Ontario's highest court has shown that it was serious about curbing homegrown terrorism, dramatically increasing prison sentences for a collection of jihadists who were plotting terrorist attacks.
In a series of groundbreaking decisions Friday, the Ontario Court of Appeal sent two men to prison for life and hammered home a message that terrorism is very much alive on Canadian soil. It said that harsh sentences are vital to deter misguided individuals from throwing in their lot with terrorists.
Ottawa terrorist Mohammed Momin Khawaja was one of those imprisoned for life, as well as being given a 24-year concurrent sentence, partly in recognition of his refusal to relinquish his diehard beliefs.
"He was obsessed with the cause, fanatic in his determination to establish Islamic dominance seemingly at any cost, and eager to assist in bringing about the destruction of Western culture and civilization," the judges said.
Saad Khalid, a member of the so-called Toronto 18 who masterminded a plot to bomb the CN Tower, CSIS headquarters and a military base, saw his 14-year sentenced elevated to 20 years. One of his confederates, Zakaria Amara, failed in a bid to have a life sentence imposed at his trial reduced.
"He knew full well that hundreds, if not thousands, of innocent people would die or be gravely injured if everything went according to his plan," said Mr. Justice David Doherty, Mr. Justice Michael Moldaver and Madam Justice Eleanore Cronk. "Indeed, a strong argument can be made that widespread carnage was precisely the outcome that he intended."
A third member of the Toronto 18, Saad Gaya, saw his sentence raised from an equivalent of 12 years to 18 years. The court flatly rejected his plea for leniency based on his not having known in advance where he would be delivering a truckload of explosives.
"Like Khalid, the respondent played an essential role in a scheme which, if implemented, would have killed countless people and left the entire country changed very much for the worse," the judges said.
In two other rulings Friday, the court ordered the extradition of two Sri Lankan terror suspects to the United States. The men - Piratheepan Nadarajah and Suresh Sriskandarajah - face trial for allegedly assisting the Liberation Tigers of the Tamil Eelam to purchase surface-to-air missiles and AK-47s from an undercover police officer in Long Island, New York.
The judges rejected arguments that the charges against them were unconstitutional since the pair were unaware specifically which terrorist acts they were contributing to.
"Parliament had ample evidence before it, indicating that sophisticated terrorist operations depended on the existence and functioning of discrete units, each of which engaged in various acts intended to facilitate and culminate in the kind of mass murder that has become all too commonplace," the court said.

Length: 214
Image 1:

Arrested in 2004, Mr. Khawaja had spent five years in prison before he was given an additional 10½-year sentence. The Court of Appeal, which raised that to a life sentence, said that his trial judge seriously underestimated Mr. Khawaja's fanaticism as well as the role model he represented to future jihadists.
Even if the 25-year-old man had shown the slightest remorse or intention to change his ways - which he hasn't - rehabilitation would rank as a minor factor, the court said. It said that Mr. Khawaja was passionately committed to aiding violent jihad through his construction of a detonating device called the "hifidigimonster."
The court also rejected arguments that key sections of the federal anti-terrorism act should be found unconstitutional because they allow the Crown to furnish evidence of a defendant's motives.
While it is true that finding evidence of an individual's motives could potentially come into conflict with the Charter right to free expression, the court said that it is hardly news that terrorist acts are usually born of political, religious and ideological motivations.
"Consequently, motive will play a crucial role in the detection and prosecution of terrorist activities," it said.
University of Toronto law professor Kent Roach said that, while it was not surprising that the court upheld the religious and political motive clause, it ought to bear in mind the requirement has caused several prosecutions in Australia to founder. "It may not be the best policy," he said.
The Court of Appeal cautioned that, in deciding whom to investigate and searching for evidence of motives, authorities must take great care not to fall back on racial and religious stereotypes.
"This kind of state conduct is not only unacceptable, it is unconstitutional," it said. "There is, however, no evidence of any connection between these abuses and the motive clause."
It also emphasized that the promotion and facilitation of violence is the last thing the Charter of Rights was intended to shelter.
"Violent activity, even though it conveys a meaning, is excluded because violence is destructive of the very values that underlie the right to freedom of expression and that make this right so central to both individual fulfilment and the functioning of a free and democratic society," it said.